“it was 20 years ago today”

Today marks the 20th anniversary of Jarche Consulting. There were several times when I thought that I would not make it this far. The roller coaster ride continues, having weathered the great recession and a pandemic. Who knows what the future will bring? For now, I am grateful to my friends, colleagues, and especially my repeat clients who continue to have confidence in my work. It has been a great pleasure.

Writing on this blog, after +19 years, continues to be a primary way that I make sense and connect with people around the globe. Here are some thoughts I shared along the way as I marked other anniversaries. (more…)

work is human

Is there a talent shortage today, or merely ineffective hiring practices?

While employers lament a talent shortage, they are scrambling to increase talent attraction and retention. They offer new incentives and promises of increased flexibility and an inclusive company culture. However, most of these efforts ignore one key factor that could make a significant difference–including talent across the age spectrum.

Instead, talent management processes such as recruiting, hiring, promoting and retaining tend to exclude individuals under 24 or over 40. The result is a 16-year criterion for talent. —Forbes 2023-03-12

Is ageism a primary factor influencing the retention of skilled and experienced workers? (more…)

the button

Ethan Mollick discusses the impact of ‘The Button’ on our writing. The Button is in Google Docs but similar GPT-LLM tools are or will soon be available in many other writing tools. They can immediately create a credible piece of writing, such as a letter of recommendation or a proposal, increasing anyone’s speed of writing and avoiding writer’s block. These tools are exceptionally convenient, so of course most people will use them. But at what cost?

“But then The Button starts to tempt everyone. Work that was boring to do, but meaningful when completed by humans (like performance reviews) becomes easy to outsource – and the apparent quality actually increases. We start to create documents mostly with AI that get sent to AI-powered inboxes where the recipients respond mostly with AI. Even worse, we still create the reports by hand, but realize that no human is actually reading them. This kind of meaningless task, what organizational theorists have called mere ceremony, has always been with us. But AI will make a lot of previously useful tasks meaningless. It it will also remove the facade that previously disguised meaningless tasks. We may not have always known if our work mattered in the bigger picture, but in most organizations, the people in your part of the organizational structure felt that it did. With AI-generated work sent to other AIs to assess, that sense of meaning disappears.” —Ethan Mollick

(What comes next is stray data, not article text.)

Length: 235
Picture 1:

blessings and curses

On the last Friday of each month I curate some of the observations and insights that were shared on social media. I call these Friday’s Finds.

“Until a drag queen walks into a school and beats eight kids to death with a copy of ‘To Kill A Mockingbird’, I think you’re focusing on the wrong shit.” Wanda Sykes

This is the best advice ever —”Live so that if your life were turned into a book, Florida would ban it.”@GigidiGranat (more…)

the act of creation is human

In 2005 I wrote a business plan for a client that was based on an operational model of employing ‘knowledge artisans‘.

Next-gen knowledge artisans are amplified versions of their pre-industrial counterparts. Equipped with and augmented by technology, they rely on their human capital and skill to solve complex problems and develop new ideas, products and services. Highly productive, knowledge artisans are capable individually and in small groups of producing goods and services that used to take substantially larger teams and resources. In addition to redefining how work is done, knowledge artisans are creating new organizational structures and business models.